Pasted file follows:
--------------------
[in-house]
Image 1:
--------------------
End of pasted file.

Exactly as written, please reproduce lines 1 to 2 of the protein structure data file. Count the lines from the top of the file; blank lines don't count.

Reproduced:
[in-house]
Image 1: